A more recent study is that of Ou, Waldman & Peterson published in the Journal of Management in 2015 entitled “Do humble CEOs matter?’” This study of 105 IT companies found greater humility in their CEOs was associated with greater leadership team integration; greater collaboration and cooperation and greater flexibility in strategic orientation.
So is humility beginning to become recognized as an important leadership trait? Earlier this year, the Governor of the Bank of England, Mark Carney, suggested that the four essential characteristics of leadership in a disruptive age are: ambition; clarity; purpose and humility. Laszlo Block, the former senior vice-president of people operations for Google, has been quoted in the past saying that the tech giant actively recruits people who want to solve the problem together and after they’ve contributed their piece, they step back.
But what kind of behaviors does a humble leader exhibit?
Humble leaders work for the good of the organization, rather than for themselves, remarks Hogan.
They listen to feedback and are willing to acknowledge mistakes and they will change direction if a decision turns out to be wrong. This last point is critical because 50% of all business decisions are wrong. They also create working environments that are open, transparent and democratic.”
Vogel argues that humble leaders demonstrate several important behaviors.
These leaders really try to listen and invite people to voice their ideas and challenges. How they deal with success and failure is the complete opposite of claiming success individually and shifting the failure to the team. It’s all about shared achievement and that is not only attributed to the leader.”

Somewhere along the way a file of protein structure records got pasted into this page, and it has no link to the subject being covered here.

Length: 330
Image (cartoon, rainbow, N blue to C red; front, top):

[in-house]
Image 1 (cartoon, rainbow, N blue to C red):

Ironically, it’s hard to list humble leaders due to the fact that anyone calling themselves a humble leader is unlikely to push themselves forward and promote their leadership capability, comments Lock.
Finding humble leadership in the business world is a little more difficult because they tend not to shout about it. They are just as likely to get one of their executive team to address the media than they are to address them themselves.”
So how can leaders become more ‘humble’ in their leadership style? Below are some top tips:
Be curious-never stop being a learner. Spend time listening and learning from those at the front line of your business and those with very different life experiences to your own.
Seek feedback regularly, treat it as a gift and act on it. Develop your awareness of your strengths and your weaknesses so that you know when to ask for help from others
Be authentic -own up to mistakes and apologize when your behavior or decision-making falls below standard. Honesty consistently comes out on top when we ask people what their most important values are. People don’t need a perfect leader but they will gladly follow one that owns up to mistakes. Be willing to be vulnerable and show your humanness at times.
Give up the need to have all the right answers. Focus on asking the right questions. On our strategic leadership program, a key theme we cover with senior leaders is the need to give up the ‘Expert’ role that probably got them where they are today. The more senior the leader, the more important it is for them to lead with questions rather than answers. No senior leader has all the information in their own head that is needed to make wise decisions in this disruptive age.
Be a servant leader -model the kind of followership you want from others by following the lead of others at times. Never ask anyone to do something you would not be willing to do yourself.
Source: Adrian Lock, senior consultant and program leader for strategic leadership at Roffey Park Institute